Diabetes is a metabolic disease that increases blood sugar. Clinicians clarify diabetes based on hormonal secretion. The hormonal secretion for diabetes mellitus is insulin. Vasopressin stimulates the pathophysiology of diabetes insipidus. Diabetes insipidus is a condition that causes excessive urine production. The elevated sugar level stimulates the hormonal imbalance. As a result, the antidiuretic hormone affects the water retention capacity of the kidney.
Patients with diabetes insipidus experience weakness, lethargy, muscle pains, and irritability (American Diabetes Association, 2011). Hormonal alteration controls the kidney imbalance in diabetes insipidus. However, the symptoms of chronic conditions of diabetes insipidus include enuresis, anorexia, growth defects, and fatigue (Huether & McCcance, 2012).
Diabetes mellitus is a condition caused by an elevated sugar level. As a result, hormonal deficiency of insulin or insulin resistance stimulates the pathophysiology of diabetes mellitus. The symptoms of diabetes mellitus include blurred vision, excessive urine production, and weight loss.
The pathophysiology of diabetes mellitus and diabetes insipidus
The pathophysiology of diabetes mellitus starts with the regulation of insulin. Food absorption, liver, and glycogen control insulin production (McPhee, & Hammer, 2012). The insulin level determines the glucose concentration in the body. As a result, hormonal insulin transports and stimulates blood glucose. However, the shortage of blood glucose will affect the level of insulin. As a result, the beta cells will experience an insulin shortage. Thus, insulin shortage affects the distribution of glucose and glycogen. The imbalance in body insulin will elevate the blood sugar to cause diabetes mellitus.
The pathophysiology of diabetes insipidus starts with the hormonal secretion of vasopressin. The hypothalamus produces hormonal vasopressin. As a result, vasopressin regulates the movement of body fluid. A change in the secretion of vasopressin will increase the permeability of the kidney. Because of the imbalance, stimulation and secretion of AVP are impaired.
Similarities and differences between resulting alterations in hormonal regulation
Clinicians differentiate diabetes mellitus and diabetes insipidus using hormonal action, excessive levels, and polyuria condition. Hormonal action describes the active secretion that stimulates the pathophysiology of diabetes. Vasopressin controls the pathophysiology of diabetes insipidus while insulin controls the pathophysiology of diabetes mellitus. The clinical manifestation of diabetes mellitus causes a disproportionate level of blood sugar and poor health (Phadke & Bagirath, 2012).
However, the clinical manifestation of diabetes insipidus causes excessive urine production and dehydration. Polyuria is a clinical symptom of diabetes. However, the kidney influences the reason for polyuria in diabetes insipidus. Excessive blood glucose stimulates the symptoms of diabetes mellitus. In diabetes insipidus, excessive urination stimulates polyuria while hyperglycemia stimulates polyuria in diabetes mellitus.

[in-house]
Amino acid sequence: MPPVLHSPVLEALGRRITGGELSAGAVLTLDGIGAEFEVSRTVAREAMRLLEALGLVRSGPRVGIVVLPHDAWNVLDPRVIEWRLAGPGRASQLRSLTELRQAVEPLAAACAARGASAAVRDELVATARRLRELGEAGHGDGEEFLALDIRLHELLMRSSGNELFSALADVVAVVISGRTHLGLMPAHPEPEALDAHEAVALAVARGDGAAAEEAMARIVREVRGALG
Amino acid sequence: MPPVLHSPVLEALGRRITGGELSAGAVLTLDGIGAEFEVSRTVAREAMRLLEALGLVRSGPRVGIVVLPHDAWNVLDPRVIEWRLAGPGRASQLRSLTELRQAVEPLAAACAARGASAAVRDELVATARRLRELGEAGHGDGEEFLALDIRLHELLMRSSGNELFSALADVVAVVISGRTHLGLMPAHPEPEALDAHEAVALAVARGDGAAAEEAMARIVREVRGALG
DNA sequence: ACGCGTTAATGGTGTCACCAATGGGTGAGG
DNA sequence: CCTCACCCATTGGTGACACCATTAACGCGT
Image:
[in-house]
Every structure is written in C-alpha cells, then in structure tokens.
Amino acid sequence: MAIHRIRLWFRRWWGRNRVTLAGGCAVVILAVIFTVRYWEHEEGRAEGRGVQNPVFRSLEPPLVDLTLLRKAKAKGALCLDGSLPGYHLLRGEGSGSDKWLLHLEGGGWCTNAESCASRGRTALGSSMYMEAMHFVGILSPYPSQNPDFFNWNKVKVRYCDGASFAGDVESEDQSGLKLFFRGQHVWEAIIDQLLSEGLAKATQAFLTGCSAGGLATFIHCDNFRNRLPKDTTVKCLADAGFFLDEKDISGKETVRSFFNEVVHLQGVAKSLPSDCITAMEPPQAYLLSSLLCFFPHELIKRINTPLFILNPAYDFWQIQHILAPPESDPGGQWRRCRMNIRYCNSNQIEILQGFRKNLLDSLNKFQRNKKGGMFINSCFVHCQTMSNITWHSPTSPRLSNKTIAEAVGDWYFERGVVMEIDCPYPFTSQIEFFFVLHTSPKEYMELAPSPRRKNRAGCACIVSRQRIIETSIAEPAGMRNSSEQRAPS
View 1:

The impact of gender on the diagnosis and treatment of diabetes
Clinical examination of blood, sodium, calcium and bicarbonate levels in body electrolytes expose diabetes insipidus. However, plasma glucose and glycated hemoglobin expose diabetes mellitus. The impact of gender on the diagnosis of diabetes mellitus and insipidus affects health intervention practice (Marquis & Hutson, 2010).
In diabetes insipidus, the gene sequence is X-linked. As a result, female patients are carriers while male patients are clinically involved. Surveys revealed that gender affects the treatment of diabetes mellitus and diabetes insipidus (Huether & McCcance, 2012). Thus, the genetic composition of female patients impedes drug administration. As a result, male patients receive better health interventions than women. Women complicate the treatment and dosage administration.
Diabetes mellitus and diabetes insipidus are conditions that alter the sugar level of the body. The symptoms, diagnosis, and treatment of both disorders depend on the clinical manifestation. Hormonal secretion of insulin and vasopressin control the pathophysiology of both disorders. As a result, vasopressin stimulates the alteration of hormonal regulation in diabetes insipidus. However, insulin alteration stimulates the pathophysiology of diabetes mellitus. Gender affects the diagnosis and treatment of diabetes mellitus and diabetes insipidus.
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Huether, S. E., & McCcance, K. L. (2012). Understanding pathophysiology (Laureate custom ed.). St. Louis, MO: Mosby. Web.
Marquis, L. & Hutson, J. (2010). Leadership roles and management functions in nursing: Classical views of leadership and management. Philadelphia: Lippincott Williams and Wilkins. Web.
McPhee, J., & Hammer, D. (2012). Pathophysiology of disease: An introduction to clinical medicine (Laureate custom ed.). New York, USA: McGraw-Hill Medical. Web.
Phadke, K. & Bagirath, A. (2012). Congenital nephrogenic diabetes insipidus. Indian J Nephrol, 11(3) 82-86. Web.